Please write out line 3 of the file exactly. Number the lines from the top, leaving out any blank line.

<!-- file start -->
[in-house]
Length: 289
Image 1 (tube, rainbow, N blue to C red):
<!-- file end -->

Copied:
Image 1 (tube, rainbow, N blue to C red):